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All We Have is Now

I am feeling a lot of emotion at the moment. You might have seen my previous blog post about the importance of precious memories, and perhaps you have followed my posts during the past few weeks as I experienced grief, and the stark contrast between life and death. On the pagan calendar, the wheel of the year, we are currently in the dark time. Nights are long, days are dull, the weather grows colder, and traditionally this is the time to stack up your fire, make your home as cosy as you can, and hibernate for a few months, only emerging to find food and maybe take a little fresh air so you don’t fall ill. Nowadays of course, life is far more frantic, and we live in a world of electric light, constantly connected to the Internet, and always hurrying to do one job or another.

When I first began studying the practice of mindfulness many years ago, I struggled to properly understand how it works, or what it is. I thought it was about rest and recuperation, but it encompasses so much more. Mindfulness is the process of slowing down and savouring the moment, whether that be actually tasting your morning mug of coffee rather than gulping it down, or spending time with people you care about. Yes, it does mean that you should take time to meditate and sit quietly in your own space, uninterrupted and disconnected from the busy world. But it means recognising what is important to you, and what you really want to focus on, at this exact moment in time. What makes you happy, and what leaves you feeling fulfilled?

I am happy being a mother and being able to spend time with my children. Yes, I do yearn to have a “proper job” that will bring a regular, sustainable income, but far stronger is the urge to be at home and be able to give my children as much time as possible. The same goes for being free to spend time with my friends and family. They know that I am around, and that I am mostly able to offer time and a supporting shoulder when they need it. This is important. My role is that of supporter, carer, nurturer, and spiritual guide. And to balance that out, I ensure that I have time alone when I need it, that I continue to write and publish my novels because they make me happy, and that I do whatever other activities I feel compelled to do at a given time. What are you doing today? Will you do it as a chore or as an absorbing activity?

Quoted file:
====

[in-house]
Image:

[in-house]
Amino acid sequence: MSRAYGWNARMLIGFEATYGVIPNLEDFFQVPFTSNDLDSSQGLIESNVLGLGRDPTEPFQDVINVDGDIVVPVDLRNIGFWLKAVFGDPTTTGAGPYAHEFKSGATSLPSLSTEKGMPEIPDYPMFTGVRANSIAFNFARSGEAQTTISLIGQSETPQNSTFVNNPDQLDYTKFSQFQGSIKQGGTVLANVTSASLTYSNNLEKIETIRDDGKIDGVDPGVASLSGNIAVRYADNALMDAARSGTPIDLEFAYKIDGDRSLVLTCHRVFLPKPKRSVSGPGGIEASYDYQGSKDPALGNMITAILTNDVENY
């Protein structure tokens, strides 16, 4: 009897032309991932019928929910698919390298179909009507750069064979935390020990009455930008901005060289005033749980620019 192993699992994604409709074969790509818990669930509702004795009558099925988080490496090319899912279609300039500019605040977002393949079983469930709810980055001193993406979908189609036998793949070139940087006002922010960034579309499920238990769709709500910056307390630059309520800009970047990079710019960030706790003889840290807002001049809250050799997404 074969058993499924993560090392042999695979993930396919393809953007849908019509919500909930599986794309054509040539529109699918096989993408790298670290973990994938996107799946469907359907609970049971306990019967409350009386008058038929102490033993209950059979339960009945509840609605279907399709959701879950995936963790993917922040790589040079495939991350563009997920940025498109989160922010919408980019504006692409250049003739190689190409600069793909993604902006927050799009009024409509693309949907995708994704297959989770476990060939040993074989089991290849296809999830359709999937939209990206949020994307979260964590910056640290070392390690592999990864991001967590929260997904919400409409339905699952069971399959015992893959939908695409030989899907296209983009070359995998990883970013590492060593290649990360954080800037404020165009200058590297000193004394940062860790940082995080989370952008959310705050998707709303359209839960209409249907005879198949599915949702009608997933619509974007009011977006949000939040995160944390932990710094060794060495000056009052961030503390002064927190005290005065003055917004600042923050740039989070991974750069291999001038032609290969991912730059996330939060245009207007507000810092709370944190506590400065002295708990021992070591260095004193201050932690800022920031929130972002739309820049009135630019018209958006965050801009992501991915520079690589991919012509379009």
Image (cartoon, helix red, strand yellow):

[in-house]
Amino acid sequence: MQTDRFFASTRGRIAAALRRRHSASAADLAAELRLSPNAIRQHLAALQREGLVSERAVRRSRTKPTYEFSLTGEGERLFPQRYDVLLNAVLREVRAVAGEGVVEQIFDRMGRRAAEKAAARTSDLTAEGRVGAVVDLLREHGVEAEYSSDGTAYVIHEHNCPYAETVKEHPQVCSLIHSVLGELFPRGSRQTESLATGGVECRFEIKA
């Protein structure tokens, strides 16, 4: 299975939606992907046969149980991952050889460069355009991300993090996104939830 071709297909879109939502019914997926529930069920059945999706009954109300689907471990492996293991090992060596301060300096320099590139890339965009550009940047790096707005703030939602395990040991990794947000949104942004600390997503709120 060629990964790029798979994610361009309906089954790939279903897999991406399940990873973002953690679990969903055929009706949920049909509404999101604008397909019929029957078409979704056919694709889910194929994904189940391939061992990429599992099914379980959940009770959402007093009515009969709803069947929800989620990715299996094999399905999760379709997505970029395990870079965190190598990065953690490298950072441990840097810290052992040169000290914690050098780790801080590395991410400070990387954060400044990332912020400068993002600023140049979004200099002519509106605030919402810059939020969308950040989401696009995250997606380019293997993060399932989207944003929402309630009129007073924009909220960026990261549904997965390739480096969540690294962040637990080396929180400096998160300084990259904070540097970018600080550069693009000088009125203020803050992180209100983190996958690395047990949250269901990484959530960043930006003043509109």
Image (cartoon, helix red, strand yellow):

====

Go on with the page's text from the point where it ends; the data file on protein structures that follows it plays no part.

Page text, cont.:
Catherine is the author of the adult paranormal romance series The Redcliffe Novels and also The Darkness of Love, She has short stories published in YA anthologies, freelance articles on various industry websites, and contributes to her personal blog, and her author blog .

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